WASHINGTON -- U.S. Congressman Bart Stupak (D-Menominee), chairman of the House Energy and Commerce Committee’s Subcommittee on Oversight and Investigations, applauded the Senate’s passage today of S. 510, the FDA Food Safety Modernization Act.
"I am pleased that after more than a year of delay the Senate has finally passed comprehensive food safety legislation," Stupak said. "The food safety bill, which is similar to the House bill I introduced with Congressmen Dingell, Pallone and Chairman Waxman, provides the FDA with some of the resources and authorities it needs to effectively monitor our nation’s food supply and prevent outbreaks of food-borne illnesses."
As chairman of the Subcommittee on Oversight and Investigations, Stupak has held 13 food safety hearings over the past four years, examining the failures of the Food and Drug Administration (FDA) and the food industry to protect the nation’s food supply. The subcommittee examined failures in the food safety system highlighted by E. coli in meat and fresh greens, as well as salmonella-contaminated peanut butter, jalapeno peppers and, most recently, eggs.
Findings of the investigations and related hearings led Stupak and fellow Energy and Commerce Committee members John Dingell (D-MI), Frank Pallone (D-NJ) and Henry Waxman (D-CA) to craft H.R. 2749, the Food Safety and Enhancement Act of 2009. Among the improvements to the nation’s food safety laws, the bill would establish a national food tracing system, making it easier for the FDA to prevent and respond to outbreaks of food-borne illness, and would provide the FDA mandatory recall authority to remove contaminated food from shelves as soon as a problem is identified.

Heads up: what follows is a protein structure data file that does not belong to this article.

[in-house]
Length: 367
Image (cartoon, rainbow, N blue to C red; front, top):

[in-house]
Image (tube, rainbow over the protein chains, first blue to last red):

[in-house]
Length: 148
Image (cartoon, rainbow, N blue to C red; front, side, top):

"With little time left for legislative action, I strongly urge Speaker Pelosi and Majority Leader Hoyer to schedule a House vote on S. 510 this week so the 111th Congress can complete its work on this important issue and send this critical legislation to President Obama before the end of the year," Stupak said.
In answer to a question from Keweenaw Now as to whether this legislation would affect small farmers who sell their own produce, e.g., at farmers markets, Stupak's office sent this reply: "The bill passed by the Senate exempts small farmers who garner less than $500,000 in annual sales and those who sell directly to the consumer. This includes small farmers who sell directly to farmers markets and those who produce organic and natural food."
Editor's Note: Click here to see the New York Times report on how the Senate voted. Click here for versions of the bill text.